- Mark Borodovsky (University of Georgia): Enhance gene-finding algorithms to better detect atypical genes in microbial genomes; analyze these genes to identify those that might have been laterally transferred.
- Jeremy Edwards (University of Delaware): Develop novel computational and high-throughput experimental tools to analyze DNA-repair pathways in D. radiodurans and the influence of metabolic flux distribution on DNA repair.
- Charles Lawrence (Wadsworth Center): Develop technologies for identifying transcription regulation networks in genomes of microbes sequenced by DOE-funded projects.
- Gary Olsen (University of Illinois, UI): Use tools and concepts of molecular phylogenetics with those of molecular biology to build an integrated computational tool for constructing and editing multiple sequence alignments.
- Monica Riley (Marine Biological Laboratory): Construct a metabolic database for Shewanella oneidensis; examine proposed pathways for missing functionality, experimentally validate the pathways, and attempt to identify candidates for the missing functions.
- Larry Wackett (University of Minnesota): Extend the University of Minnesota Biocatalysis/Biodegradation Database (called UM-BDD) to incorporate data on microbial metabolism relating to metals, metalloid, and organometallics.
- Diane Makowski (Argonne National Laboratory, ANL): Identify small molecule binding sites on microbial proteins genome wide.
- George Garrity (MSU) and Bergeys Manual editors: Use a variety of statistical analyses to view information on bacterial species so the species can be clustered functionally and evolutionarily.
- William Cannon (Pacific Northwest National Laboratory, PNNL): In association with Richard Smith, develop computatonal tools for analyzing the output from high-throughput mass spectroscopy of microbial proteins.\b
Horizontal Gene Transfer
- Gary Olsen with Carl Woese (both at UI): Explore LGT to estimate the frequency of recent gene transfers to diverse microbial lineages; determine traits that correlate with high acquisition rates of external genetic information; identify donor lineages of ancient gene transfers; determine any relationship between gene transfer and biologically important events.
- Karen Nelson (TIGR): Substantiate and expand recent findings from whole-genome sequencing of Thermotoga maritima and other high-temperature archaea showing extensive genomic homologies that could have arisen only by LGT; apply biochemical methods to identify common and unique regions among the genomes of some 50 high-temperature bacteria and archaea.
- Terry Marsh (MSU): Investigate genomic plasticity in Ralstonia eutropha and R. pickettii,environmental isolates important in such processes as hydrocarbon degradation and resistance to high metal concentrations.
- Howard Ochman (University of Arizona): Investigate a set of 30 conserved and universally distributed genes to assess their involvement in LGT; establish LGTs effects on shaping bacterial genomes.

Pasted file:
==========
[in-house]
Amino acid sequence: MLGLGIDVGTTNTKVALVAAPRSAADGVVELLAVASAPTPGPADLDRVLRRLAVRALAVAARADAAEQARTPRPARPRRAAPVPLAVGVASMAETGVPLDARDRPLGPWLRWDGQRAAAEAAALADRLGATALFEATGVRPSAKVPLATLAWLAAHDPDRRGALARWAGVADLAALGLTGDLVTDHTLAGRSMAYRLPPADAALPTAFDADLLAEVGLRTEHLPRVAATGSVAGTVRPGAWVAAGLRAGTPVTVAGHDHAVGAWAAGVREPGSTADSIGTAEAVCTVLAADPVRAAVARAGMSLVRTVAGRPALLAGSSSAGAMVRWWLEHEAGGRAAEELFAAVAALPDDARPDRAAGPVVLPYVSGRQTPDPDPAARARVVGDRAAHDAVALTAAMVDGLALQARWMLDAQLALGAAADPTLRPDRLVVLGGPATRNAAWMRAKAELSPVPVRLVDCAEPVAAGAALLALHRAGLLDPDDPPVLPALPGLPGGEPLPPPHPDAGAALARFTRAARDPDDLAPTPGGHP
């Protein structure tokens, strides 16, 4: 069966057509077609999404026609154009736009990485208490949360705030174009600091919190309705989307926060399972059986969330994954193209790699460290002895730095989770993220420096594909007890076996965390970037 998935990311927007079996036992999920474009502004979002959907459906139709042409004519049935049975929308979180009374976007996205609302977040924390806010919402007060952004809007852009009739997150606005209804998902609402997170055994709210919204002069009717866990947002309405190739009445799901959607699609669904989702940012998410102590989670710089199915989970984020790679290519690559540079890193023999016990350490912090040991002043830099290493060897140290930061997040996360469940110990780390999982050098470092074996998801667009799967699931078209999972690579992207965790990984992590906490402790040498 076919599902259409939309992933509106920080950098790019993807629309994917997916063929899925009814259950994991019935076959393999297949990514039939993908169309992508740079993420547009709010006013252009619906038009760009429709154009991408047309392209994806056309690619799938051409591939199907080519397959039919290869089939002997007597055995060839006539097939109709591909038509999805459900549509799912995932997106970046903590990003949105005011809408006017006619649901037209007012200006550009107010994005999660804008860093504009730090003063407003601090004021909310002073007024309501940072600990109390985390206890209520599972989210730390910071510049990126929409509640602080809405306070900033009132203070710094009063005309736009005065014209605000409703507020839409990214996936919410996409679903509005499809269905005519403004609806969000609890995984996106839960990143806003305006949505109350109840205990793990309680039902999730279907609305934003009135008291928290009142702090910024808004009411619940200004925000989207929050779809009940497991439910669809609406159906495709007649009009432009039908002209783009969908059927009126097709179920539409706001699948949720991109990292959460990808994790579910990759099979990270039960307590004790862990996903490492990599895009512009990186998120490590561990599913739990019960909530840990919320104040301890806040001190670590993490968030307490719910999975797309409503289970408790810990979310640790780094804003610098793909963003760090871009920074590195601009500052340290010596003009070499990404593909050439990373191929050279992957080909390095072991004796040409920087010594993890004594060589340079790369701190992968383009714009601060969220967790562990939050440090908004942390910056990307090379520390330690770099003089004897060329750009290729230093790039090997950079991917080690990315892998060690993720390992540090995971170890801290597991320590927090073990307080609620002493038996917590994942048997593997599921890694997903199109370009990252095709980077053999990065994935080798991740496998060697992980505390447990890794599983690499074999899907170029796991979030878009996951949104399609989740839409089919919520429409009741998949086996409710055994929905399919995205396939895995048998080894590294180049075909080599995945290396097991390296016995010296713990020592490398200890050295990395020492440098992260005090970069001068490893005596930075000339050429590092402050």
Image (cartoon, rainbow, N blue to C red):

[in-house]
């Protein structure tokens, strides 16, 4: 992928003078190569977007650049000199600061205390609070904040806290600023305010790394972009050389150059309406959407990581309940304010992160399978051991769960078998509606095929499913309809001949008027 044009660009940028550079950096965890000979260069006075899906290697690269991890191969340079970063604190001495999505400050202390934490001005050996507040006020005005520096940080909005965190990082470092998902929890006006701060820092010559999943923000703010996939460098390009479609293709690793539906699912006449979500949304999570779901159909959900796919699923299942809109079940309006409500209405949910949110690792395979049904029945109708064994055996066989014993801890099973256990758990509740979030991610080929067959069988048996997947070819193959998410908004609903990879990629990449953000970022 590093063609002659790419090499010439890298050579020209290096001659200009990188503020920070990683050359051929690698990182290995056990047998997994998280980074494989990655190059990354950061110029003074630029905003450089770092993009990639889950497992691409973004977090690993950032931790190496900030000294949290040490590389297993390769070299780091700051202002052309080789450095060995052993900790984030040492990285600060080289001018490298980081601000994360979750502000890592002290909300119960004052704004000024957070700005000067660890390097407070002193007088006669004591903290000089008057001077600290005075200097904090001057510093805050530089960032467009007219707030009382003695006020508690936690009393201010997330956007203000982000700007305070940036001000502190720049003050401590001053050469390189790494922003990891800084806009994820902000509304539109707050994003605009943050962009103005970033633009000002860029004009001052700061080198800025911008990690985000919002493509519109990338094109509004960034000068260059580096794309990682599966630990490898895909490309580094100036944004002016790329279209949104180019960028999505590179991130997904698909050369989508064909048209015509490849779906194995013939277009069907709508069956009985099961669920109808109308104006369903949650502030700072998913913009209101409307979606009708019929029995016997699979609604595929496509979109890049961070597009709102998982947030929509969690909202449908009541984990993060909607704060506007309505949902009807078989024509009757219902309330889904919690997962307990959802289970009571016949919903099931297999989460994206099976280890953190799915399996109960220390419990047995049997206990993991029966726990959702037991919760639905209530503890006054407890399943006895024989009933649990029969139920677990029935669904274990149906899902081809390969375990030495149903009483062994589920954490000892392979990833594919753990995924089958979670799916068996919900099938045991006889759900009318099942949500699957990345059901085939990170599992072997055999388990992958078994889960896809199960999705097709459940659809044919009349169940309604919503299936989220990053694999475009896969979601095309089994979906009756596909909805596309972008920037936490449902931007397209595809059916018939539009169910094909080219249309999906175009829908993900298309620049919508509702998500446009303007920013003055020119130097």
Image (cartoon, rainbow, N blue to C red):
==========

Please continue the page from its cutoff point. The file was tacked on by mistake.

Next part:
- David Schwartz (University of Wisconsin, Madison): Characterize some 12 widely diverse microbial genomes by optical mapping over a 3-year period; coordinate microbe selection with JGI.
- Jay Keasling (University of California, Berkeley, UCB): Develop chip microfabrication arrays that will enable the automated testing of a large range of culture conditions; expose difficult-to-grow organisms to different environmental conditions to discover their growth requirements; test the effects of different metabolic substances on the physiology of established cultures.
Microbial Consortia and Hard-to-Culture Species
- Jill Banfield (UCB): In association with JGI, characterize the genetics and biochemistry of a community of acid-tolerant microbes; study LGT events between community members by utilizing the BAC libraries made by Ed DeLong (Monterey Bay Aquarium Research Institute).
- Fred Brockman (PNNL): Explore microbial subgenomes from undefined microbial consortia in contaminated subsurface sediments; characterize a genomic signature for the microbes in highly radioactive aquifer sediments.
- Cheryl Kuske (Los Alamos National Laboratory): Further the characterization of microbial backgrounds and isolate useful genes by determining the abundant and active microbial species in soils and sediments contaminated by radionuclides and metals, flow-sorting such cells, and developing methods to simplify microbial DNAs to generate libraries for future sequencing analyses.
- David Kirchman (University of Delaware): Address a key aspect of carbon cycling in the biosphere by studying how insoluble biopolymers are broken down to enter the food chain, especially in the marine bacterium Cytophagales.
Daniel Drell, with contributions from John Houghton and Anna Palmisano, DOE
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The electronic form of the newsletter may be cited in the following style:
Human Genome Program, U.S. Department of Energy, Human Genome News (v12n1-2).